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The Toxicity of Recreational Drugs

Alcohol is more lethal than many other commonly abused substances

Robert Gable

Safety Comparison

Despite these difficulties, it is evident that there are striking differences among psychoactive substances with respect to the lethality of a given quantity. The way a substance is absorbed is also a critical factor. The common routes of consumption,  from the least toxic to the most toxic (in general), are: eating or drinking a substance, depositing it inside the nostril, breathing or smoking it, and injecting it into a vein with a hypodermic syringe. So, for example, smoking methamphetamine (as is done with the increasingly popular illicit drug "crystal meth") is more dangerous than ingesting it.

Once a drug enters the body, physiological reactions are determined by many factors, such as absorption into various tissues and the rates of elimination and metabolism. Individuals vary enormously in how they metabolize different substances. One person's sedative can be another person's poison. This variability alone introduces unavoidable ambiguities in estimating effective and lethal doses. Still, the wide range between different substances suggests that they can be rank-ordered with reasonable confidence. One can be quite certain, for example, that the risk of death from ingesting psilocybin mushrooms is less than from injecting heroin.

The most toxic recreational drugs, such as GHB (gamma-hydroxybutyrate) and heroin, have a lethal dose less than 10 times their typical effective dose. The largest cluster of substances has a lethal dose that is 10 to 20 times the effective dose: These include cocaine, MDMA (methylenedioxymethamphetamine, often called "ecstasy") and alcohol. A less toxic group of substances, requiring 20 to 80 times the effective dose to cause death, include Rohypnol (flunitrazepam or "roofies") and mescaline (peyote cactus). The least physiologically toxic substances, those requiring 100 to 1,000 times the effective dose to cause death, include psilocybin mushrooms and marijuana, when ingested. I've found no published cases in the English language that document deaths from smoked marijuana, so the actual lethal dose is a mystery. My surmise is that smoking marijuana is more risky than eating it but still safer than getting drunk.

Alcohol thus ranks at the dangerous end of the toxicity spectrum. So despite the fact that about 75 percent of all adults in the United States enjoy an occasional drink, it must be remembered that alcohol is quite toxic. Indeed, if alcohol were a newly formulated beverage, its high toxicity and addiction potential would surely prevent it from being marketed as a food or drug. This conclusion runs counter to the common view that one's own use of alcohol is harmless. That mistaken impression arises for several reasons.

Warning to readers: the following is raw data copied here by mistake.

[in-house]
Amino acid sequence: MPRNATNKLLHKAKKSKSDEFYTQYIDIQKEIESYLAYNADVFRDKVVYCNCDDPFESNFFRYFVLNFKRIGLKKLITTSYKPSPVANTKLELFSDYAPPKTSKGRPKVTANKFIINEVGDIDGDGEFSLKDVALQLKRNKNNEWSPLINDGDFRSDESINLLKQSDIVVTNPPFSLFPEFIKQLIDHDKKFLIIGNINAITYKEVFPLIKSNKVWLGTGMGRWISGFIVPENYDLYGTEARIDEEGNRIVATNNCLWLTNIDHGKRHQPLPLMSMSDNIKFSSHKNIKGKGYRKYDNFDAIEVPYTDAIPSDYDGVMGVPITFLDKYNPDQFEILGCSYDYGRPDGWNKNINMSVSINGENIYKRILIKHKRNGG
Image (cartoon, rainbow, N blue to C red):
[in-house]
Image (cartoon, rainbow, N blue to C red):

First, the more frequently we experience an event without a negative outcome, the lower our level of perceived danger. For example, most of us have not had a life-threatening traffic accident; thus, we feel safer in a car than in an airplane, although we are 10 to 15 times more likely to die in an automobile accident than in a plane crash. Similarly, most of us have not had a life-threatening experience with alcohol, yet statistics show that every year about 300 people die in the United States from an alcohol overdose, and for at least twice that number of overdose deaths, alcohol is considered a contributing cause.

Second, having a sense of control over a risky situation reduces fear. People drinking alcoholic beverages believe that they have reasonably good control of the quantity they intend to consume. Control of the dose of alcohol is indeed easier than with many natural or illicit substances where the active ingredients are not commercially standardized. Furthermore, alcohol is often consumed in a beverage that dilutes the alcohol to a known degree.

Consider the following: The stomach capacity of an average adult is about 1 liter; therefore, a person is unlikely to overdose after drinking beer containing 5 percent alcohol. Compare this situation to GHB (a depressant originally marketed in health food stores as a sleep aid), where stomach capacity does not place much of a limit on consumption because the effective dose is only one or two teaspoonfuls. No wonder that more than 50 percent of novice users of GHB have experienced an overdose that included involuntary loss of consciousness.

Another reason that alcohol is often thought to be safe is that popular media do not routinely report fatalities from alcohol overdoses. Deaths are usually considered newsworthy when they involve a degree of novelty. Thus a fatality caused by LSD or MDMA is thought to be more interesting than one caused by alcohol.

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